Black leaders from around the country will be in Biloxi over the weekend looking for new ideas for its agenda.
The Mississippi Black Caucus of Local Elected Officials will be the host for the National Policy Alliance Saturday through Monday.
The meetings begin at noon Saturday with a lunch sponsored by the East Biloxi Community Collaborative at the Frank Gruich Community Center, 591 Howard Ave.
“We really need the voice of Mississippi Gulf Coast communities to make a mutually beneficial contribution to the New National Black Agenda,” Caucus President Lewis Johnson, who also is Grenada City Council president, said in a press release. It continues Sunday and Monday at the Beau Rivage with workshops that will include Climate Change in the Scheme of Things, Success and Sanity: Balanced Leadership, Finance and Budgeting and several others.
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The Caucus said it’s the largest constituency of the Mississippi Municipal League. It says it provides scholarships, education, training and support for local elected officials.
“Our purpose for coming to Mississippi is to bring a national partnership and a national voice to let the State know first, that there is a Black Agenda, second, that we need input from our communities to fashion it to meet our needs, and finally, that it is going to take time, resources and collective will to make sure that we institute it,” said NPA Executive Director Linda Haithcox Taylor. “We have to start with a conversation which is what we are doing here in Biloxi.”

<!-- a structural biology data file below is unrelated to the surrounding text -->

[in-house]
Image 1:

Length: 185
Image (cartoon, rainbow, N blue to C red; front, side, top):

Neither made any mention of the Mississippi state flag, which has caused some controversy because it has the Confederate Battle Flag in its upper left corner. Biloxi is one of the cities on the Coast that stopped flying it over its City Hall.
Still, the 51 members of the state’s Legislative Black Caucus will boycott a meeting the following weekend of the Southern Legislative Conference in Biloxi. Sonya Williams-Barnes said the caucus is boycotting the conference, not Biloxi.
“The Southern Legislative Conference entails 14 southern states with Mississippi being the last among them to rid themselves of the Confederate emblem on its state flag,” she said. “The boycot is for the sole purpose of bringing attention to the state flag and gaining the Southern Legislative Conference’s assistance in removing it.”
Blacks in Mississippi have said for years that the flag is a painful reminder of slavery, racism and other unsavory elements of Mississippi’s past.
“We want a flag that all residents of the state can be proud to carry,” she said.
Alabama, Arkansas, Florida, Georgia, Kentucky, Louisiana, Mississippi, Missouri, North Carolina, Oklahoma, South Carolina, Tennessee, Texas, Virginia and West Virginia are members of the conference, which was founded in 1947 to encourage “intergovernmental cooperation” among its members.